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Understanding High-Risk, Low-Risk, and Default processes configuration and usage
Technical Articles ID:  KB55139
Last Modified:  05/17/2013
Rated:


Environment

McAfee VirusScan Enterprise 8.x

 

Summary

Unless configured otherwise, VirusScan Enterprise uses the On-Access Default Processes policies. The scanning configuration for this policy applies to all processes, including any file activity from those processes.
 
Implementing the High-Risk and Low-Risk Processes policies offers a means to alternately configure the On-Access Scanner and streamline computer performance.

The scenarios below can help you understand High-Risk Processes and Low-Risk Processes policies.

Video Tutorial

NOTE: Adobe Flash Player is required. To download Adobe Flash Player, go to: http://www.adobe.com/products/flashplayer/.

To view a list of tutorials, go to the McAfee ServicePortal at http://support.mcafee.com/. Click Knowledge Center, and select Tutorials from the Support Content list.

To view this tutorial, see: TU30285

Solution 1

 Scenario 1 - The Low-Risk Processes policy is configured with Scan on READ disabled. Backup.exe is used as an example process.

 With only the Default Processes policy in use:
  1. Launch Backup.exe.
  2. McAfee VirusScan scans the Backup.exe.
  3. Backup.exe is now running and begins the backup process, which performs a READ action on all files on the drive.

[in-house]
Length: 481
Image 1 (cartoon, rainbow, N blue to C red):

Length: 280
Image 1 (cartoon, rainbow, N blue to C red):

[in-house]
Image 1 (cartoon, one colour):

4. McAfee VirusScan then scans each file as it is READ by Backup.exe.

With Backup.exe added to the Low-Risk Processes policy:

  1. Add Backup.exe to a Low-Risk profile, with the option Scan on READ disabled.
  2. Launch Backup.exe.
  3. McAfee VirusScan scans the Backup.exe process.
  4. Backup.exe is now running and begins the backup process, which performs a READ action on all files on the drive.
  5. VirusScan recognizes that Backup.exe is a low risk process. Because this profile is configured not to Scan on READ, no scan occurs when Backup.exe reads files for backup.


What Risks Does This Scenario Introduce?

Risk 1 -
Assume there is a virus / Trojan with an executable file named Backup.exe.

  1. First, the virus/Trojan would have to be written to the drive.
    • VirusScan will detect this if the DATs include detection for the threat.
    • VirusScan will deny the file creation if the method used to create this file breaches an Access Protection rule.
       
  2. The file would have to be executed (or read) so it can propagate and deliver its payload.
    • VirusScan will detect this if the DATs included detection for the threat.
    • VirusScan will deny the file execution if the method used to launch the file breaches an Access Protection rule.

      NOTE: Even with Low-Risk Processes policies in use, there are multiple layers of protection from potentially infected files.

  3. The virus/Trojan Backup.exe is now running and attempts to modify files:
    • VirusScan would detect this if the DATs include detection for the threat because modifying files is a WRITE operation and in this scenario only Scan on READ is disabled for Low-Risk processes.
    • VirusScan would deny the modification if an Access Protection rule existed to prevent the behavior.

      NOTE: Even though the virus / Trojan has executed and may be running in memory, its activities can still be interrupted when DATs are updated or by implementing a new Access Protection rule. When the DATs are updated and this virus / Trojan is found, it will be terminated from memory as part of the cleanup process.

Risk 2 -
An infected file has been stored on the drive.

This means the Backup.exe process will successfully READ and back up an infected file because Backup.exe is a low risk process; this scanning policy does not Scan on READ.

You can mitigate the risk by various means, such as running an On-Demand scan before you perform a backup: